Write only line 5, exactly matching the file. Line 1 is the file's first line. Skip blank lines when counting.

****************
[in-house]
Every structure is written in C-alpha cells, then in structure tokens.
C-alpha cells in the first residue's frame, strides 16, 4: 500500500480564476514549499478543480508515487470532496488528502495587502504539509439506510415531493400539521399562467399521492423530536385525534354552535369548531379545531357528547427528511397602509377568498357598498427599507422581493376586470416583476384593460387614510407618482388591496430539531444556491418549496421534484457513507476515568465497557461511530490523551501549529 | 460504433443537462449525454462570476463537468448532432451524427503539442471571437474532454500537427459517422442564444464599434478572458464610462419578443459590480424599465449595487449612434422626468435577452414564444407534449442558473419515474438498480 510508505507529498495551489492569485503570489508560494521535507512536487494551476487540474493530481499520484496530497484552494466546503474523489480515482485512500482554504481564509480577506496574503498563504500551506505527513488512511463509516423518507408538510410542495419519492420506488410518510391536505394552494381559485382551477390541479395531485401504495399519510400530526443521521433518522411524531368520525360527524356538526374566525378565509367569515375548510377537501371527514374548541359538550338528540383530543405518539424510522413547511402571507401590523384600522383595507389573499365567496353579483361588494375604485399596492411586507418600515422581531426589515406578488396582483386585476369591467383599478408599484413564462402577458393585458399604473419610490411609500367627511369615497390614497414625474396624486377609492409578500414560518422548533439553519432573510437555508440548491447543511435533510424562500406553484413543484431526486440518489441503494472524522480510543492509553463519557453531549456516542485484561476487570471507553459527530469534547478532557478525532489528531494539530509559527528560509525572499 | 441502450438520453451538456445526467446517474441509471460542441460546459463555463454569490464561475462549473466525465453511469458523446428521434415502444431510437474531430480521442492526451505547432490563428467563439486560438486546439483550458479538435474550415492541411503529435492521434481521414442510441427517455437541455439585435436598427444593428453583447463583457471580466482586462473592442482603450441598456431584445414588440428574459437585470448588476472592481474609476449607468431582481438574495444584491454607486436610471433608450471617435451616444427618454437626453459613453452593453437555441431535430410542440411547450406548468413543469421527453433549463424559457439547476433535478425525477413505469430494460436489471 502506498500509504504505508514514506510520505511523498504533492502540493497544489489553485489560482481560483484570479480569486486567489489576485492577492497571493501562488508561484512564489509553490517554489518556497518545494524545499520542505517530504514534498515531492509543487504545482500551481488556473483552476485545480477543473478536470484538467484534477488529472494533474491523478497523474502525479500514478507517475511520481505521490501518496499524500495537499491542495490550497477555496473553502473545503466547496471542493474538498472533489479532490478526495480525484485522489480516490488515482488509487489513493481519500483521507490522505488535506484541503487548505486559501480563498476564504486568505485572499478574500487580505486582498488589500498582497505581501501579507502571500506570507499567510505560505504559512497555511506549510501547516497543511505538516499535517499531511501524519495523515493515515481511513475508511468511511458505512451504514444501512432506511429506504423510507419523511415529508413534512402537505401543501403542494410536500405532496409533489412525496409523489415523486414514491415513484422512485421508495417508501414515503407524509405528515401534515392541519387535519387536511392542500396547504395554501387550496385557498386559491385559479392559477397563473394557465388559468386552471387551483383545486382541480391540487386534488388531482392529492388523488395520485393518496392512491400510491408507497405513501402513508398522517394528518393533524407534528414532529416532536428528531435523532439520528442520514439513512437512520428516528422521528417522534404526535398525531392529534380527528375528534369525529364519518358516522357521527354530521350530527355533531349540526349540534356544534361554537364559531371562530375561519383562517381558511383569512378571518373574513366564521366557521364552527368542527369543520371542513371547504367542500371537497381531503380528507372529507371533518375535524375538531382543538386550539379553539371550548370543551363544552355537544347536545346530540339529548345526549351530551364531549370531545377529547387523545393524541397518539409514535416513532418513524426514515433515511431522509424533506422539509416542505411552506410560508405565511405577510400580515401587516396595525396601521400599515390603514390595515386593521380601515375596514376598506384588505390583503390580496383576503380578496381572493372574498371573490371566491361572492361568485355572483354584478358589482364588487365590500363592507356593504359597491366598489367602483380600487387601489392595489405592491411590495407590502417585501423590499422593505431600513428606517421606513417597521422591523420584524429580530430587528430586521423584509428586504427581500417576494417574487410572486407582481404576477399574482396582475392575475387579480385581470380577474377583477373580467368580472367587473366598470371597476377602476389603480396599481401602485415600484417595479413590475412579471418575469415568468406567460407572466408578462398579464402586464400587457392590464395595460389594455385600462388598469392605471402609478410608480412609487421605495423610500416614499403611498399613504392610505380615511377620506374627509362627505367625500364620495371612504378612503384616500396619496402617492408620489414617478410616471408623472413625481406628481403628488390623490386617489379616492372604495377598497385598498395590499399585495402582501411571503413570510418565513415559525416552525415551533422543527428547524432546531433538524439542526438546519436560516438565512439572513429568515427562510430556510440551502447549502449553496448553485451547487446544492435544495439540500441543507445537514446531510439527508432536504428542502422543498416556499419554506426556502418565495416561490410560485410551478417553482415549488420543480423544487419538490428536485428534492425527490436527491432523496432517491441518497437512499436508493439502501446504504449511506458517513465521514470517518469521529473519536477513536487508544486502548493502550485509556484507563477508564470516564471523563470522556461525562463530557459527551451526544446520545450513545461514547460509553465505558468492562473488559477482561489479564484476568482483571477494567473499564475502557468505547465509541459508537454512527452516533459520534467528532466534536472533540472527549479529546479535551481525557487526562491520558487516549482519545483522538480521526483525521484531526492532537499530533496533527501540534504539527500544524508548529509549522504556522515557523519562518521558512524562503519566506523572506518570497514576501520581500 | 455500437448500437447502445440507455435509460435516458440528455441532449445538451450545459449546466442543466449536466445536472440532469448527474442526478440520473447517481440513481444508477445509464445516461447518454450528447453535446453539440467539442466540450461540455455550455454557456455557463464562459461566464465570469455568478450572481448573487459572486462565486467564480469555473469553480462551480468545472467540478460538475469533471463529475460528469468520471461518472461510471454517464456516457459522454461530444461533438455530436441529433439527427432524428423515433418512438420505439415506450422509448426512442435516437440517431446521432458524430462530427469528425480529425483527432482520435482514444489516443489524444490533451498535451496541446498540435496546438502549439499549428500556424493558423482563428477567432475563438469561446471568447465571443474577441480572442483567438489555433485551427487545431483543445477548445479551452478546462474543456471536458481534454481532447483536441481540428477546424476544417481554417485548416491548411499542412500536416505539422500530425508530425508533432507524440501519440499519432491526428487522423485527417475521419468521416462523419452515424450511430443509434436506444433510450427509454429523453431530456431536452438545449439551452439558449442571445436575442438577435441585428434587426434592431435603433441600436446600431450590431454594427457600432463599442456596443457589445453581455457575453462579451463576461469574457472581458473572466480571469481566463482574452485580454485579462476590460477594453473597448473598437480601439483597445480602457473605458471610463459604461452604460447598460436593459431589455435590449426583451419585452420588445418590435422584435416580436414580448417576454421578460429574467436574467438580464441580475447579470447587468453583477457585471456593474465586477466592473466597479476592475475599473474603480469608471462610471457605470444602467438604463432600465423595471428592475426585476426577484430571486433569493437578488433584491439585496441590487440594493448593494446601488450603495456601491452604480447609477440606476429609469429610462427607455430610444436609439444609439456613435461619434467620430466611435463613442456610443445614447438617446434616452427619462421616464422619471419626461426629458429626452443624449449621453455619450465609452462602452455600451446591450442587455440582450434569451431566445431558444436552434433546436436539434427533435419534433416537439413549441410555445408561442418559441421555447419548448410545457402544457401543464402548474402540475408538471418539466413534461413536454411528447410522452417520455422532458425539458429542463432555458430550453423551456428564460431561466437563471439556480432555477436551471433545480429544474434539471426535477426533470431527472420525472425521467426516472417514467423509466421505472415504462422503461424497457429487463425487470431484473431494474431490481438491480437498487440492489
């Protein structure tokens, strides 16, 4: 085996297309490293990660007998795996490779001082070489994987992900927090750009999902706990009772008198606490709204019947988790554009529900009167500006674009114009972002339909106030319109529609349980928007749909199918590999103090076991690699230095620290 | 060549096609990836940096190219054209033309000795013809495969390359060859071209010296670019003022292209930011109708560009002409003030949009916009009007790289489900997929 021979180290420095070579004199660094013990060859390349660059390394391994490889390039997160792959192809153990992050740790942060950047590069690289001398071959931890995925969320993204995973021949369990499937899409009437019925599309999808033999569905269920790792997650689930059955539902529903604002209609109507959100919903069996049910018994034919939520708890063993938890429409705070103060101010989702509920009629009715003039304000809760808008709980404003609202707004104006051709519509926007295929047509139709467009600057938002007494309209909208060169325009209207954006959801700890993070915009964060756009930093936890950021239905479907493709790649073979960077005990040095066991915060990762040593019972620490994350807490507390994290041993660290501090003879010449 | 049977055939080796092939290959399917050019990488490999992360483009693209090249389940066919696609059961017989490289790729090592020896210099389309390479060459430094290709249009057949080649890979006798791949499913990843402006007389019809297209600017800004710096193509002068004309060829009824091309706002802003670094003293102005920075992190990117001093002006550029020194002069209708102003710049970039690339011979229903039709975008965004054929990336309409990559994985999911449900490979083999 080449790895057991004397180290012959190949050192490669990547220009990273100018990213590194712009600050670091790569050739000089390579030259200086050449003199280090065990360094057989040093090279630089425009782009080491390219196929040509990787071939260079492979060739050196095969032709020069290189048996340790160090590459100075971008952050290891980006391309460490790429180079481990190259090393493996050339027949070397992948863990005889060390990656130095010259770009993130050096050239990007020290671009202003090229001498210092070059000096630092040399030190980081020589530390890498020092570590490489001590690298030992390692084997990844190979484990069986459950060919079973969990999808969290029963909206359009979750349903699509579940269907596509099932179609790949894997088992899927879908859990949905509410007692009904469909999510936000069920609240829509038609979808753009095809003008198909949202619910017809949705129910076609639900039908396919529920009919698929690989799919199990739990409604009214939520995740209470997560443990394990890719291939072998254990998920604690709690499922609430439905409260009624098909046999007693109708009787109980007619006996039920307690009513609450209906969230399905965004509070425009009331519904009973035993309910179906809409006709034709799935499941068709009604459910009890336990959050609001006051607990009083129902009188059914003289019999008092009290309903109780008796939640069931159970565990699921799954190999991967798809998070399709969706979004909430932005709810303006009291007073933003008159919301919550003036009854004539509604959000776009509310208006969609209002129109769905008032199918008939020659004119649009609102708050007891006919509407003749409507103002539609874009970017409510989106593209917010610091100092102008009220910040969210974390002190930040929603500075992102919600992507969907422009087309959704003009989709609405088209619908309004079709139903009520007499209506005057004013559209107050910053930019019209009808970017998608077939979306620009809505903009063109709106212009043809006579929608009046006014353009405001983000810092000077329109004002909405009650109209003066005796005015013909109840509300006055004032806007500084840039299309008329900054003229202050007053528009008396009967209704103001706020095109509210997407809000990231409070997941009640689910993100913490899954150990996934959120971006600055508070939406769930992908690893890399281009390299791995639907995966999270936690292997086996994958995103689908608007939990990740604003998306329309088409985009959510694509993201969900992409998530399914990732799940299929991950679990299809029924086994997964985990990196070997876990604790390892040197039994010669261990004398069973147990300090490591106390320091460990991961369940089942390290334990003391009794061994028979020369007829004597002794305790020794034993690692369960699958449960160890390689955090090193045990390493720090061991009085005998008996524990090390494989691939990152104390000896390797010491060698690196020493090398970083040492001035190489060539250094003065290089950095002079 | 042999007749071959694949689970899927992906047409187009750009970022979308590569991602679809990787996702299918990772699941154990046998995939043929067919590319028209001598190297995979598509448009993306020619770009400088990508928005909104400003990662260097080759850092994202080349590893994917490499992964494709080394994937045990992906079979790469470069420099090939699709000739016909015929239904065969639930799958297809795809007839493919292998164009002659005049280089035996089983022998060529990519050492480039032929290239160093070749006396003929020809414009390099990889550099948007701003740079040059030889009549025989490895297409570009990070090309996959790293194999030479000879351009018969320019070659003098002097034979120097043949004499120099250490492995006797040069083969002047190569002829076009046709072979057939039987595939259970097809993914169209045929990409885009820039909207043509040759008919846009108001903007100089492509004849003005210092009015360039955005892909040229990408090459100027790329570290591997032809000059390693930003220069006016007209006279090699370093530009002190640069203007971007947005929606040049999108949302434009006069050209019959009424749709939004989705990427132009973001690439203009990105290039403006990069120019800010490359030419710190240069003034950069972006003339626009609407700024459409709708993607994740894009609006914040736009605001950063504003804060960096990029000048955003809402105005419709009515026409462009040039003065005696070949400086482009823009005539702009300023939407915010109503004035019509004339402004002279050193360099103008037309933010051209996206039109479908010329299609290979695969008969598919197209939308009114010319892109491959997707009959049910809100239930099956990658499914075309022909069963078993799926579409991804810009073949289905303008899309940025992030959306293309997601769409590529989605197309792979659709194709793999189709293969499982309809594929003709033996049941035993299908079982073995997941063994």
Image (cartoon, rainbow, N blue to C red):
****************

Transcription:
Image (cartoon, rainbow, N blue to C red):